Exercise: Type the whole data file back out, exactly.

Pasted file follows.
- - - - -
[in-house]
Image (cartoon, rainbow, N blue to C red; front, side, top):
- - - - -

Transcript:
[in-house]
Image (cartoon, rainbow, N blue to C red; front, side, top):